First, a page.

Both the President and Mr. Podesta knew that Mr. Podesta was likely to be a witness in the ongoing grand jury criminal investigation.(441) Nonetheless, Mr. Podesta recalled that the President "volunteered" to provide information about Ms. Lewinsky to him(443) even though Mr. Podesta had not asked for these details.(444)
Mr. Podesta "believe[d]" the President, and testified that it was important to him that the President denied the affair.(445) Mr. Podesta repeated to the grand jury the false and misleading statements that the President told him.
Mr. Bowles, the White House Chief of Staff,(446) confirmed Mr. Podesta's account of the President's January 21, 1998, statement in which the President denied having a sexual relationship with Ms. Lewinsky. Mr. Bowles testified:
EB: And this was the day this huge story breaks. And the three of us walked in together -- Sylvia Matthews, John Podesta, and me -- into the Oval Office, and the President was standing behind his desk.
Q: About what time of day is this?
EB: This is approximately 9:00 in the morning, or something -- you know, in that area. And he looked up at us and he said the same thing he said to the American people. He said, "I want you to know I did not have sexual relationships [sic] with this woman Monica Lewinsky. I did not ask anybody to lie. And when the facts come out, you'll understand."(447)
Mr. Bowles testified that he took the President's statements seriously: "All I can tell you is: This guy who I've worked for looked me in the eye and said he did not have sexual relationships with her. And if I didn't believe him, I couldn't stay. So I believe him."(448) Mr. Bowles repeated the President's false and misleading statement to the grand jury.
Sidney Blumenthal, an Assistant to the President,(449) similarly testified that the President made statements to him denying the Lewinsky allegations shortly after the first media report.
Mr. Blumenthal stated that he spoke to Mrs. Clinton on the afternoon of January 21, 1998, and to the President early that evening. During those conversations, both the President and Mrs. Clinton offered an explanation for the President's meetings with Ms. Lewinsky, and President Clinton offered an explanation for Ms. Lewinsky's allegations of a sexual relationship.(450)
Testifying before the grand jury, Mr. Blumenthal related his discussion with President Clinton:
I said to the President, "What have you done wrong?" And he said, "Nothing. I haven't done anything wrong."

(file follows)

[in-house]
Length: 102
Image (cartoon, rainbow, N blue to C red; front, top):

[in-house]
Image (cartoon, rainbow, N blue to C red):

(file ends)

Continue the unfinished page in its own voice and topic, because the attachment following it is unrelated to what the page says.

. . . And it was at that point that he gave his account of what had happened to me and he said that Monica -- and it came very fast. He said, "Monica Lewinsky came at me and made a sexual demand on me." He rebuffed her. He said, "I've gone down that road before, I've caused pain for a lot of people and I'm not going to do that again."
She threatened him. She said that she would tell people they'd had an affair, that she was known as the stalker among her peers, and that she hated it and if she had an affair or said she had an affair then she wouldn't be the stalker any more.(452)
Mr. Blumenthal testified that the President appeared "upset" during this conversation.(453)
Finally, Mr. Blumenthal asked the President to explain alleged answering machine messages (a detail mentioned in press reports).
He said that he remembered calling her when Betty Currie's brother died and that he left a message on her voice machine that Betty's brother had died and he said she was close to Betty and had been very kind to Betty. And that's what he recalled.(454)
According to Mr. Blumenthal, the President said that the call he made to Ms. Lewinsky relating to Betty's brother was the "only one he could remember."(455) That was false: The President and Ms. Lewinsky talked often on the phone, and the subject matter of the calls was memorable.
A grand juror asked Mr. Blumenthal whether the President had said that his relationship with Ms. Lewinsky included any kind of sexual activity. Mr. Blumenthal testified that the President's response was "the opposite. He told me that she came on to him and that he had told her he couldn't have sexual relations with her and that she threatened him. That is what he told me."(456)
Mr. Blumenthal testified that after the President relayed this information to him, he "certainly believed his story. It was a very heartfelt story, he was pouring out his heart, and I believed him."(457) Mr. Blumenthal repeated to the grand jury the false statements that the President made to him.